I knew the time would come. I really did. Still, secretly I hoped that maybe, just maybe, I’d be one of the few lucky ones to pass through this era unscathed, admired and adored, like I always was.
You see, I have become inexplicably, ridiculously, embarrassingly stupid.
Just ask my nearly-14-year-old daughters.
I’ve never subscribed to the idea that teenagers will absolutely have a phase of being disrespectful, rebellious and generally awful; I think this is just one of the many myths of our society. The number of times I’ve heard, “Oh boy, just wait until those girls are teenagers. You’re going to have fun with TWO teenage girls!,” is countless, as if cohabitation with teenagers is expected to be a recipe for misery.
I agree that teenagers can be miserable to live with. I certainly was a lot of the time. But teenagers or not, I still expect my kids to be kind, respectful and responsible. Of course they’ll have their moments; they’re going through a lot — hormonal changes, establishing independence, mood swings, mountains of homework, friend drama.
To be fair, my girls are sweet, thoughtful, helpful, caring, considerate and usually just all around lovely. But when they’re not, they’re really not. The sighs of disgust, eye rolling and general snippy-ness have become more frequent, especially this summer, as they’re forced to spend inordinate amounts of time with me and their younger brothers, all of whom evidently cause them a general feeling of annoyance.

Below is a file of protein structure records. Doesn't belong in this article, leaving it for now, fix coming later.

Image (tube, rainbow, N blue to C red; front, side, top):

It’s difficult adjusting to this new phase of life, one in which what I say is no longer unquestionable fact; where what I do is no longer openly admired; where my faults are becoming glaringly obvious in the eyes of teenagers trying to establish independence. Yes, it’s all part of the stretching and learning and the discovering of who they are and who they want to be, but it’s still hard for me to go from SuperMom to StupidMom.
I have a couple letters from each of the girls hanging above my desk, remnants of my glorious Mom-past. A snippet from Rachel’s long missive detailing why I’m a good mom, written when she was probably 6, in cramped, tight handwriting: “Your a really good mom I think your the best mom in the world I wish I had another mom wich makes 2 I want another mom just like you. I Don’t want any other mom in the holl world I want you your the best mom anyone could have you are really specle to me Love Rachel.”
Andie’s sweet little poems, written on a huge, hand-drawn picture of the sun and flowers: “You are the best mom that I know; I know this because you love me so,” and “I wrote this poem today; Just to make your day.”
As I was just sitting here trying to decide how to wrap this post up, Logan came in with his hands behind his back and said, “Mom, I love you so much, I brought you a surprise,” and presented me with this:
“I pulled it out by the roots so we can re-plant it and it will turn into beautiful blossoms,” he told me, giving me a hug.
Beautiful blossoms picked by my youngest child = a reminder that my glory days aren’t quite over.